Hi, I’m Cat Grant. I’m an author of erotic romance, and I have also been involved in the San Francisco Bay Area leather scene off and on for the past decade.
BDSM’s become a popular subgenre in erotic fiction, especially since the advent of e-publishing. I can usually tell within the first few pages of a BDSM story if the author is in the lifestyle. This isn’t to say that non-kinky people can’t write good BDSM fiction, but more often than not, some small error will give them away. Most commonly, they don’t grasp the distinction between submission and masochism.
Submissives get off on the power exchange between themselves and their Dominants. Handing over all responsibility, all decisions to someone else can be an extremely deep and heady experience. It’s the ultimate demonstration of trust – and for some submissives, the only way they can truly let go.
I identified as a submissive for my first few years in the scene, until I realized that, outside of the dungeon, I’m not all that submissive. I’m not into kneeling at a Dominant’s feet (which I couldn’t do anymore even if I wanted to, thanks to my arthritic knees!), and I’m definitely not into service-oriented submission (ie., doing housework). All I really want is to get the crap beaten out of me. So, a couple of years ago, I finally admitted to myself that I’m a masochist.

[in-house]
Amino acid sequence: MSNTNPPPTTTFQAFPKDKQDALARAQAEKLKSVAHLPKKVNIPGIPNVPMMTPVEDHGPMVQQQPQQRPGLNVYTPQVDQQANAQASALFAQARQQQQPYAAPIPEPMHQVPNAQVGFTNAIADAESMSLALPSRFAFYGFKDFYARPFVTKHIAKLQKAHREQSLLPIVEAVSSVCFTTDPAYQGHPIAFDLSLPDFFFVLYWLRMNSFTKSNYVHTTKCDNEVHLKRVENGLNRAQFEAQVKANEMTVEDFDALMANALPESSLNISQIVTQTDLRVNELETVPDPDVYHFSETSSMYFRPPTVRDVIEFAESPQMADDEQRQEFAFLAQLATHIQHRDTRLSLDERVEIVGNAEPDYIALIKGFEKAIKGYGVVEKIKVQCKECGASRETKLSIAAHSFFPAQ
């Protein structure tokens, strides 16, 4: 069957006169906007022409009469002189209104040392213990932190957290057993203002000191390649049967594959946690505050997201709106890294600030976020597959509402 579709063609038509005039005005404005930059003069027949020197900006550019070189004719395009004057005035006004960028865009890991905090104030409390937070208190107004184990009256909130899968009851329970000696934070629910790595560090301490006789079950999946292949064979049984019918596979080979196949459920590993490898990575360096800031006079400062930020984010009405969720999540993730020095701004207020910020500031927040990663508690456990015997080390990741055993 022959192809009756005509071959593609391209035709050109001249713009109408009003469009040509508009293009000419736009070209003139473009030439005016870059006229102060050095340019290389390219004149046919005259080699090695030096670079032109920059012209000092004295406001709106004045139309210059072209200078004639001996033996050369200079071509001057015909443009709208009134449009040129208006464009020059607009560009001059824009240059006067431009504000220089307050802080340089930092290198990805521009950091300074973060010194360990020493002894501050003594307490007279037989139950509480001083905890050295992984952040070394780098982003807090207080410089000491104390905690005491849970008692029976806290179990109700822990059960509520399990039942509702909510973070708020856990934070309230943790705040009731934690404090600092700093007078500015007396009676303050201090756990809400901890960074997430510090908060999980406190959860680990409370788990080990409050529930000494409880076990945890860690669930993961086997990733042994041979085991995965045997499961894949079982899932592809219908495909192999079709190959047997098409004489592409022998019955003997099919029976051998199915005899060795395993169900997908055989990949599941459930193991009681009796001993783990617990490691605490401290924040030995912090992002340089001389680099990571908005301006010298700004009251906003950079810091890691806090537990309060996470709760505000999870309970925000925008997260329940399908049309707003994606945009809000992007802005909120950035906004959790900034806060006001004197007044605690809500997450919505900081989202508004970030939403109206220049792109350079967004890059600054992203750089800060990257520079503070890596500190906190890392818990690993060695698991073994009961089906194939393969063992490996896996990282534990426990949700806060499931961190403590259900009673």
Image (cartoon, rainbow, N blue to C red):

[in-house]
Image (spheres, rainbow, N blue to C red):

Masochists tend to be people with jobs requiring a lot of brain power – writers, architects, engineers, high-powered executives, doctors, lawyers. We spend so much time inside our own heads, we need something to pull us out, help us reconnect with our physical being. The kiss of a flogger or a single-tailed whip releases us from the confines of our mundane daily lives, lets loose the endorphins and sends us soaring.
Unfortunately, this is the part about masochism that most non-kinky authors don’t understand. They see what appears to be a rather brutal infliction of pain, but the beauty – and yes, even the spirituality – of it flies right over their heads. Pain can be an incredible natural high, a doorway to a place in one’s consciousness where time simply stops. I’ve had scenes that went on for over two hours, but felt like five minutes. When you’re in that headspace, the rest of the world falls away.
Pain has proven an amazingly therapeutic tool for me. It’s helped me become more aware of my body, and, as a woman of size, helped me rid myself of some of society’s ridiculous hang-ups regarding my weight. When I soar, I feel like the most beautiful person on earth.
Pain also helps me break down my emotional barriers. It’s allowed me to access the types of feelings we’ve all been taught to keep under a tight rein – anger, grief, fear, etc. I’d been on prescription anti-depressants since I was twenty, but once I embraced my masochism, I discovered I no longer needed the drugs. For me, it has been not only a journey of self-discovery, but also a liberating and empowering experience.
Authors in the lifestyle understand this dynamic. I’ll admit, it was one of the most difficult things for me to come to terms with when I first realized I was a masochist. We’ve been programmed from childhood to view the infliction of pain as a punishment. What often appears to the uninitiated as an act of violence is, in actuality, an expression of tenderness, even love.
Cat Grant has been scribbling dirty stories since she was knee-high to a bug. TRIAD, the fifth book in her Courtland Chronicles series of bisexual romances, will be published on December 21, 2009 by Lyrical Press.